The hardwareMy cloud detector has been running outside for over 5 months now. Overall I'm very pleased with how it works. The battery-powered hardware is based on the AuroraWatchNet magnetometer design, which uses my own Calunium microcontroller development board. The remote sensor board and fluxgate sensor are omitted. I've added a Melexis MLX90614 non-contact infra-red thermometer to measure the sky temperature. Clear skies should give low temperatures whilst clouds are expected to have warmer temperatures, although still colder than the ambient temperature. The MLX90614 also outputs the sensor temperature, which should be close to the ambient temperature. I also added a Honeywell HIH-6131-021 humidity sensor which has an I2C interface. Do not confuse with the similar sounding version which has an SPI interface! The HIH-6130 also provides and ambient temperature measurement. To avoid direct contact with water the humidity sensor is placed at the bottom of the enclosure with a hole underneath to expose it to air. This hole also functions as a breather hole and ensures that the internal pressure matches atmospheric pressure. Since this hole was drilled there have not been any more incidents of water ingress.
The Calunium board is running a firmware is a modified version of the magnetometer firmware. It communicates with the Raspberry Pi data logger using an 868MHz radio link, with the same signed communication protocol used by AuroraWatchNet. This means I can use the data recording software from AuroraWatchNet. It also inherits the signed over-the-air firmware update capability. In principle it should be possible to combine both magnetometer and cloud detector functions in one unit.
I started off using the 90° field-of-view version of the non-contact IR thermometer but later switched to theMLX90614ESF-DCH-000-TU-ND variant which features a 12° field of view. Its greater height meant it was easier to fit into the cable grommet housing. However I think the FOV is too narrow and I plan to switch back to the original sensor when I have time.
Data processingThe data processing and plotting now uses the auroraplot library for Python, which I developed to process the AuroraWatchNet magnetometer data. On the graphs I plot the sky temperature measured by the non-contact IR thermometer and the ambient temperature measured by the humidity sensor. For monitoring purposes I also plot the sensor temperature of the IR thermometer (marked as "detector temperature"); this should be similar to the ambient temperature but its exposed position makes it more likely to undergo solar heating and radiative cooling. For good measure I also plot the system temperature, which is measured by an LM61 temperature sensor connected to the ATmega1284P's analogue to digital converter. This measurement is noisy but useful to check the system doesn't overheat on sunny summer days.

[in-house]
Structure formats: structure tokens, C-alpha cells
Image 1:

The plan is to estimate the upper and lower bounds that I would expect for the sky temperature, and from that derive an estimate of the cloud cover. I initially expected that with complete cloud cover the sky temperature would match that the lifted condensation level, which I estimate using the ambient temperature and relative humidity. I soon saw temperatures higher than the LCL temperature. Research literature indicates that the clouds can act as a mirror at long IR wavelengths and thus the expected temperature should include an effect of ground temperature too. On the plots this is shown as the effective cloud temperature. The clear sky temperature is derived from results found in research literature but none of the equations tried so far have been a great match. Other researchers have fitted parameters for their specific location (including altitude) by comparison with visual measurements. I have yet to try this but daily measurements are made at the nearby Hazelrigg Weather Station. The graphs are too cluttered for production use but help me to understand what is happening.
Below are a selection of plots. You can see the entire archive (from 2013-07-14) at http://aurorawatch.lancs.ac.uk/testing/cloudwatch/test2/.
|Cloud detector data for 2013-09-03. The asterisk (*) indicates derived parameters (ie not directly measured).|
|Cloud detector data for 2013-09-28 showing the effect of clear skies.|
|Humidity data for 2013-09-28. Notice how the higher variability occurs at the same times as the sky temperature measurements.|
During summer operation dew has not been a problem but now that the nights are colder I have noticed effects which I believe are due to the formation of dew on the sensor. In the first plot below the sky temperature apparently rises from around 2230 UT. The rise is smooth and during this period the ambient temperature is falling, which overnight is often a sign of clear skies. After midnight (second plot) the sky temperature increases slightly before falling sharply around 0630 UT. Sunrise on this day was 0622 UT.
|This pair of plots is believed to show dew formation on the sensor.|
I know from the informal comparisons with visual cloud cover that I regularly make the cloud detector does generally work very well. It does not function during wet periods. As anticipated dew is becoming a problem during the colder nights and a dew heater will be required for reliable winter operation. Future development will be to add a heater, which will need a wired connection to the cloud detector. Once a wired connection is made the radio link appears superfluous so I plan to investigate the options for power-over-ethernet. The Arduino ethernet shield is one possibility, although its compatibility with 3.3V operation has not been established.